Northeastern Section - 53rd Annual Meeting - 2018

Paper No. 5-7
Presentation Time: 10:40 AM


WATHEN, Bryan, Department of Earth and Atmospheric Sciences, Indiana University, 1001 E 10th St, Bloomington, IN 47405; Department of Geoscience, University of Wisconsin-Madison, 1215 W Dayton St, Madison, WI 53706, MCALEER, Ryan J., U.S. Geological Survey, Eastern Geology and Paleoclimate Science Center, 926A National Center, Reston, VA 20192, DEASY, Ryan T., Department of Geological Sciences, Indiana University, Bloomington, 1001 E. 10th Street, Bloomington, IN 47405 and WINTSCH, Robert, Department of Earth and Atmospheric Scineces, Indiana University, 1001 E 10th Str, Bloomington, IN 47405

Phyllonites of the East Derby Shear Zone (EDSZ) in south central Connecticut have been analyzed by optical and electron microscopy, electron-microprobe analysis (EMPA), and 40Ar/39Ar geochronology. Results reveal multiple generations of lower greenschist facies Permian cleavages overprinting a kyanite-grade Devonian schistosity in the Wepawaug Schist. The EDSZ is a ~500m wide greenschist facies shear zone and displays progressive replacement of staurolite, garnet and biotite by muscovite ± chlorite as the zone is approached. Muscovite with Na-rich (0.2-0.3 Na-cpfu) Devonian cores, and Na-poor (0.05 Na-cpfu) Permian rims, identified by wavelength dispersive element mapping and quantitative EMPA, confirm the high and low-grade crystallization of cores and overgrowths, respectively, and establishes a dissolution-precipitation mechanism for this process.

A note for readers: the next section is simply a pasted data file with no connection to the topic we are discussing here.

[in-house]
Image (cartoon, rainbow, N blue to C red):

Early generations of retrograde phyllonitic cleavages have coexisting Na-poor muscovite and chlorite, whereas later cross-cutting cleavages contain exclusively Na-poor muscovite. The differentiation of muscovite from chlorite (and from quartz and albite) can be explained by changes in the relative solubilities of these phases as calculated by SUPCRTBL (Zimmer et al, 2016). During later deformation the solubilities of chlorite, quartz and albite increased relative to muscovite at sites of high normal stress. This resulted in the preservation and neocrystallization of muscovite in cross-cutting cleavage domains, while only chlorite and quartz precipitated locally in micro-extensional sites. New 40Ar/39Ar age spectra of microdrilled muscovite from high and low-grade folia and from pseudomorphic muscovite after staurolite date multiple stages of muscovite crystallization during Alleghanian orogenesis. The metamorphic differentiation observed within the phyllonites of the EDSZ is thus a tectonically driven chemical process where differential stresses caused local changes in the relative solubilities of muscovite and adjacent minerals and led to the concentration of less soluble muscovite in the youngest cleavages.